Capsule Network

Capsule Network

1- History :

« Dynamic Routing Between Capsules »[1] was published in 2017 by Geoffrey Hinton and his team, and introduced a new architecture of neural networks based on the concept of capsule. Capsule networks have given excellent initial results for number recognition and classification of small images. The success of this architecture is based on the idea that spatial information (part-whole relationships in the data) need to be preserved throughout the network. This retention of information is done by reconstructing the input from the output capsule vectors and replacing max-pooling layers with convolutional strides and dynamic routing.


2- What are the limits of Convolutional Neural Networks (CNN)?

CNNs were built upon the principles of weight sharing and translation invariance; the latter  is achieved by using convolutional filters/kernels. This network architecture show great performances for image classification when the new data is very close to the training data: convolutional networks are less performant at detecting and classifying images if the images have been rotated, reversed or tilted: in these cases, performance drops drastically.

The issue of invariance for neural net is addressed with pooling layers.

However, pooling layers cause location information in the higher layers; it means that the network keeps the information of parts of the target object, but it is agnostic of their spatial layout. This loss of precise spatial relationship between higher-level parts leads to triggering false positive for images which have the components of the object but not in the right order. This is why convolutional neural nets are sensitive to adversarial attacks.

The representation of data through Convolutional Neural Networks does not integrate spatial relationship and orientation between different parts of the object.

How do we build algorithms that are more able to preserve spatial relationship of object in the image and that easily generalize to unseen data?

Hinton’s work on capsule networks gives us the following clue:  instead of invariance, we should be looking for equivariance.

Invariance ensures that the CNN is less sensitive to small changes in perspective.  Performances are acceptable for image classification but make it challenging to perform object detection which require precise location. The fact that capsules are equivariant makes it very promising for this application.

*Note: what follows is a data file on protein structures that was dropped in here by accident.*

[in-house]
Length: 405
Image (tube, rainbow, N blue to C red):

How do we achieve Equivariance with CapsNet?

In the CapsNet architecture, each object is represented by a vector and scalar values of this vector represent different instantiation parameters of the object (e.g texture, lighting, etc.) and use the vector length/norm as indicator of object presence.

It means that the vector components are equivariant and its length representing a probability is invariant.


3 – WHAT’S NEW with CapsNet ?
CapsNet Architecture

The architecture encapsulates neural layers: in a traditional neural network, the layers are added depending on the final configuration; in capsule networks, layers are added inside a nest of layers.

The output of one capsule is represented by a vector giving the information of the existence of one specific entity inside the image. The properties of this vector (like orientation) give information about the entity.  The second level of capsule integrates a composition of the previous layer and represents an object composed of parts represented by lower level capsules. The relationship between capsule levels is done by a routing mechanism. This algorithm is described below.


In this routing algorithm, output vectors from lower level capsules are sent to the next layer of capsules agreeing with its input. This output represents a prediction vector and  is calculated based on multiplying its own weight and a weight matrix.

Then, the scalar product is calculated with each possible capsule of the upper level and the largest scalar prediction vector product, increases the capsule bond and is integrated in a feedback loop. This loop will integrate the effect of coupling : the routing process will increase the coupling for spatial related upper capsule while it will decrease it for the capsule not related.


As the length of the output of a capsule represents a probability, the squashing function is used to normalize the size of the vector.

Instead of having a non-linearity function to each layer like how you do in CNN, you add the squashing function to a nested set of layers. This function is applied to the vector output of each capsule.

4- CapsNets applications, advantages and limits

CapsNets are a promising alternative to CNN and introduce a new building block to improve hierarchical relationships for deep learning algorithms. What are their current applications and their theoretical limits that have not yet been solved?

Experimental results show that CapsNets are significantly better than CNNs on small datasets.

The dynamic routing operations are computationally expensive, making them significantly slower than other modern deep networks.  

Robustness tests have shown that this new architecture still fails Adversarial Attacks as its has be demonstrated by SAP lab]

“CapsNet also fall in the trap of every type adversarial examples. This structure can be one of the hint to solve adversarial problem, however experiment results show capsnet is not free to adversarial attack.” One of the next challenges would be to define structure improvement to ensure more resistance against attacks.

✍Article écrit par Adèle Guillet

[1] S. Sabour, N. Frosst, and G. E. Hinton, “Dynamic routing between capsules,” in Advances in Neural Information Processing Systems, 2017